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Then United Auto Workers vice-president Norwood Jewell addresses a Special Bargaining Convention held at COBO Hall in Detroit on March 25, 2015.

Jeff Kowalsky/Reuters

A former vice-president at the United Auto Workers was charged Monday in a scheme with Fiat Chrysler Automobiles NV executives to buy meals, golf and other perks with the automaker’s money – the highest-ranking official snagged in an investigation that has exposed corruption between labour and management.

The conspiracy charge against Norwood Jewell was filed as a criminal information, which means a guilty plea is likely. At least seven people have pleaded guilty.

Officials at Fiat Chrysler Automobiles NV, known as FCA, and the UAW enriched themselves by using company money set aside for a job-training centre. The corruption occurred at the same time both sides were negotiating labour agreements.

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“We can confirm that we have had professional and productive discussions with the U.S. Attorney’s Office towards a fair and just resolution,” defence attorney Michael Manley told The Detroit News. “We are confident that when the facts of the case come out as it relates to Mr. Jewell, his decades-long reputation of honourable service to members of the UAW will remain intact.”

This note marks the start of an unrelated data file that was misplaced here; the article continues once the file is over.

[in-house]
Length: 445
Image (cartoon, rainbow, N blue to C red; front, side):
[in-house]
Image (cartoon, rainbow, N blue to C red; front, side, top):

Jewell was the senior UAW official dealing with Fiat Chrysler Automobiles NV, from 2014 through 2016. He apparently had no knowledge of corruption before getting the post – his predecessor had a $262,000 mortgage paid off – but he jumped right in, according to the government.

The court filing says Jewell signed off on dinners valued at thousands of dollars at an exclusive Detroit restaurant, the London Chop House, and golf and meals in Palm Springs, California.

Former Fiat Chrysler Automobiles NV executive Al Iacobelli, who conspired with UAW officials and also enjoyed the spoils, is serving a 5½-year prison sentence.

The union’s president, Gary Jones, last week said he’s “deeply saddened and irritated” by the scandal.

In a new statement, the UAW acknowledged that blue-collar members might be frustrated by the headlines.

“We have already implemented many reforms and enacted new policies to prevent any misuse of funds at the joint-program centres from ever happening again,” the union said.

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General Holiefield, a union vice-president whose mortgage was paid with training centre money, died in 2015. His wife, Monica Morgan, was sentenced to 18 months in prison for a tax crime.

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